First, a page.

Capstone Project Title
Absent Narratives And Engagement: A Diverse Instructional Approach To Increased Engagement In World History
Patty Born Selly
Melissa Chaffee-Johnson and Yvonne RB-Banks
This study addresses the question, what impact does the teaching of absent narratives in a World History classroom have on student engagement? It includes reflections from one educator about absent narratives in their own classroom. Absent narratives are those “voices often left out or marginalized” (Minnesota Humanities Center, 2017, para. 1). Through investigation, the benefits of diverse narratives in World History curriculum are explained. Research reveals that student engagement, critical thinking and identity development are enhanced when student backgrounds and histories are reflected in classroom content and instruction. The researcher describes the role culturally responsive teaching plays in fostering engagement while also discussing the use of standards in the process of designing instruction that meets student needs. Results of the investigation culminate in the creation of The History of the Horn of Africa Toolkit. This is a set of lessons that implement culturally responsive approaches in a modified Understanding by Design and Differentiated Instruction (Tomlinson & McTighe, 2006) curriculum framework to respond to one area of historical absence in the researchers own classroom. Lessons are relevant for a secondary World History course and provide materials to engage students in a range of activities including investigations, synthesizing projects, group discussions and reflective writings. Implications for future research include professional development on areas of absence and the expansion of this toolkit model to include instructional plans connected to other diverse histories.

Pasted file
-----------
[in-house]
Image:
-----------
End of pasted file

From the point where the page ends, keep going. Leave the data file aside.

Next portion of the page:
Curriculum, Multicultural Education, Social Justice
Arneson, Sarah, "Absent Narratives And Engagement: A Diverse Instructional Approach To Increased Engagement In World History" (2018). School of Education Student Capstone Projects. 170.
School of Education Student Capstone Theses and Dissertations